Sand Dam Technology Transforms Lives in African Drylands

Published on Aug 16, 2019
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Sand Dam Technology Transforms Lives in African Drylands

Sand dams are a simple, low-cost and low-maintenance, replicable rainwater harvesting technology. They provide a clean, local water supply for domestic and farming use and are suited to semi-arid areas of the world.
Benefits
1. Low cost and maintenance: Sand dams are the lowest cost form of rainwater harvesting known – 3 to 100 times lower cost than other technologies. A sand dam is built to last over 50 years, has no operational costs and requires little maintenance.
2. Community owned and managed: Most examples of sand dams are built by members of the communities they serve with support local and international development agencies. Community ownership and management is key to their successful operation.
3. They save time and enable increased food production and tree planting: During drought periods in semi-arid regions, people might have to walk up to 12 hours a day to fetch water, which is often unsafe to drink. Freed from the chore of walking sometimes the whole day to collect the water, farmers are able to improve food production and generate surplus income.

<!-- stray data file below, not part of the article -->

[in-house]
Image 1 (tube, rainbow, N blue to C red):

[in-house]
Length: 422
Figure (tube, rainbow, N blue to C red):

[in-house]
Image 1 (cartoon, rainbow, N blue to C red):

4. They provide a clean, secure and local year-round water supply in water scarce environments: The sand effectively acts as a large slow sand filter resulting high quality potable water. As the water is held under the sand, evaporation is minimal, people are protected from water-borne diseases and mosquitoes can’t breed – reducing the threat of malaria.
5. Wider benefits for health, education and communities: In areas where sand dams have been built, communities have observed a dramatic fall in water related disease, an increase in school attendance and a significant increase in household income and food production.
6. They transform the local ecology: The water held in the sand behind the dam spreads horizontally creating a permanent increase in the water table, allowing trees to grow naturally and transform the local ecology. The dams create a natural buffer that reduces the threat posed by flooding and drought and builds the resilience of communities to cope with the impacts of climate change in semi-arid regions.


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